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Tuesday, September 26, 2023

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Federal judge blocks AZ law that 'disenfranchised' Native voters; government shutdown could cost U.S. travel economy about $1 Billion per week; WA group brings 'Alternatives to Violence' to secondary students.

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Senator Robert Menendez offers explanations on the money found in his home, non-partisan groups urge Congress to avert a government shutdown and a Nevada organization works to build Latino political engagement.

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An Indigenous project in South Dakota seeks to protect tribal data sovereignty, advocates in North Carolina are pushing back against attacks on public schools, and Arkansas wants the hungriest to have access to more fruits and veggies.

New Poverty Data Spurs Urgent Calls to Reverse Trends

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Friday, September 15, 2023   

The U.S. Census Bureau is out with new findings showing that the nation's child poverty rate has more than doubled, to 12%. Policy experts say a key decision by Congress is the main factor, and reversing it isn't the only action that could turn things around.

The dramatic increase in the 2022 child poverty rate came just one year after it reached a historic low of 5%.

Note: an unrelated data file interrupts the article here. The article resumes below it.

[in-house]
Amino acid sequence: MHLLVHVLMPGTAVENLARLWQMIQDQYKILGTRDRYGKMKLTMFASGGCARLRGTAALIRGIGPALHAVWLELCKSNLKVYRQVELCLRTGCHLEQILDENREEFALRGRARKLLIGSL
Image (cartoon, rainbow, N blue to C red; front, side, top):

Samantha Waxman, deputy director of state fiscal policy research with the Center on Budget and Policy Priorities, said things such as inflation likely contributed -- but there was a much bigger force at play.

"The number reflects the expiration of pandemic-assistance programs," she said, "including the expanded Child Tax Credit."

Under the American Rescue Plan, the credit was temporarily expanded to $3,600 for children age 6 and younger and $3,000 for older kids. However, negotiations failed in making it permanent. Some states are now adopting their own similar credit, although North Dakota isn't among them. Other analysts say states can boost their minimum wage to help families. North Dakota's is still at $7.25 an hour.

North Dakota lawmakers won't meet again until 2025. This past session, they did expand access to free school meals. Poverty-fighting groups have said it was a positive step, although not as much as they wanted.

Meanwhile, Waxman said the Child Tax Credit isn't exactly a "red-state, blue-state" issue.

"For example, this year in Utah, they created a new Child Tax Credit," she said, "so I think there is [a] possibility around the country."

A handful of other conservative-led states, such as Oklahoma, have their own version of the credit, in addition to several other traditionally "blue" states. As for the Census data, its report also notes that median household income fell by more than 2% last year. It's now just about $74,500 a year.


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